Gender violence in the Democratic Republic of Congo and other conflict zones around the world is a subject of continual research and education through witness testimonials,
podcasts and information presented by the Committee on Conscience of the United States Holocaust Memorial Museum in Washington, D.C.
But this year the museum took a look back, delving into a topic from history that, surprisingly, is entirely new pivotal research about the rape of Jewish women during the Holocaust, described in a new book by two female scholars.
“Rape does not just happen,” said Bridget Conley-Zilkic, director of research and projects for the division that guides the museum’s genocide prevention programs, at a special event in Manhattan, N.Y., about the new book. “It is a tool that perpetrators use to reach their ends. We honor the history of those who suffered and those who died in the Holocaust by changing our world today.”
The rape and sexual abuse of Jewish women in the Holocaust has been a subject that is so taboo that it has taken 65 years for the first English language book on the subject to make its way to the public.
“One question we get a lot is, ‘Why did it take so long?’ And, for that you have to understand how it came about,” said Rochelle G. Saidel, co-editor with Sonja M. Hedgepeth of “Sexual Violence Against Jewish Women During the Holocaust,” a multidisciplinary anthology released by Brandeis University Press in December 2010.
In 2006, during a rare seminar about women and the Holocaust at Israel’s Yad Vashem memorial, Saidel and Hedgepeth, both accomplished historians, mentioned, in passing, sexual abuse.
Saidel said, “This very illustrious Holocaust scholar raised his hand and said, ‘There were no Jewish women who were raped during the Holocaust. How can you say such a thing? Where are the documents? Where is the proof?’ ”
His voice was not alone. For decades, a myth held sway that the Nazis didn’t rape Jewish women because it violated German rules on “race” mixing. Others asserted that Jewish women who were raped must have colluded with the Nazis for food and that women, especially attractive ones, who survived the death camps voluntarily engaged in sexual barter.
Saidel and Hedgepeth knew rape was not documented in the same way as the number of trains that traveled to a concentration camp, but they sought out scholars from seven countries and collected 16 essays, drawing upon oral histories, literature, psychoanalysis, eyewitness reports and diaries.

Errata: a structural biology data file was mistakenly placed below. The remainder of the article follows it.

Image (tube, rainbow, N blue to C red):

The stories of rape and sexual abuse began to emerge as if they were old photographic film waiting for the right chemicals, and long-erased pictures of Jewish women who had suffered sexual abuse began to emerge.
Jewish women were raped and sexually abused by Nazi guards, but also by liberators, people who hid them, aid givers, partisans and even fellow prisoners. Judy Weiszenberg Cohen, an Auschwitz survivor living in Canada, told the editors that the “fear of rape” was omnipresent in the concentration camp.
“The exact number of women who experienced sexual molestation during the Holocaust cannot be determined and the rapists by and large did not leave documents testifying to their actions,” writes Nomi Levenkron, a human rights attorney in Israel, in an essay in the book. Most women who survived preferred silence, she said, fearing that they would be stigmatized in their communities.
“This is about all of our humanity. After I read the manuscript, I became kind of obsessed with it,” said Gloria Steinem, the renowned feminist writer and advocate, who sponsored two events in New York this year to draw attention to the publication. “I thought, ‘It’s 70 years later. Why didn’t we know this?’ For all of the people to whom it happened, to be victimized is one thing — to be shamed, as if it was your fault, is another profound and deep oppression.”
Many sexually abused women were raped and then simply killed.
Author Moinka J. Faschka of Kent State University in Ohio, one of the contributors to the book, cites survivor Harry Koltun, who said in an interview: “[T]he Gestapo SS came in and took out a few Jewish girls, they took them into a forest and they never came back. They did what they had to do sexually, and they killed them. Nice, nice-looking girls.”
At a presentation at the Anne Frank Center USA in New York, the book’s authors said that previously the barriers to telling the stories of sexual abuse have been tremendous. Some Holocaust scholars believed that segmenting out rape stories — and even women’s stories unrelated to sexual violence — would sever women from the community by focusing on one group when all Jews, regardless of gender, were targeted for persecution. Rape was not included in the Nuremberg Trials when Nazi officials were charged with war crimes.
In other cases, women feared they would be considered “impure” or be ostracized by their families.
“I have been interviewing Holocaust survivors in Israel since ’78, but it didn’t even occur to me to ask about sexual assault,” said Eva Fogelman, a psychologist in New York City. “These people had lost so much of their dignity and privacy. I didn’t want to take that last bit of privacy away from them.”
For this book, Fogelman identified 1,040 testimonies of the 52,000 in the Shoah Foundation collection at the University of Southern California that mention rape or fear of rape.
“What you have is women who were raped talk about it in bits or pieces. Or, ‘I know a woman, and this happened to her,’ a way of indicating this happened, but not implicating themselves,” Fogelman said.
This book, said co-editor Hedgepeth, is only the beginning of the exploration of this sensitive topic.
“I’m starting to feel from conversations that there will be more that comes out of this,” she said.
Cynthia L. Cooper is an independent journalist in New York who frequently writes about reproductive rights.